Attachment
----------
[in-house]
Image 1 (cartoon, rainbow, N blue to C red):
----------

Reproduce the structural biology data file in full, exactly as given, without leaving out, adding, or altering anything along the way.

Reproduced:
[in-house]
Image 1 (cartoon, rainbow, N blue to C red):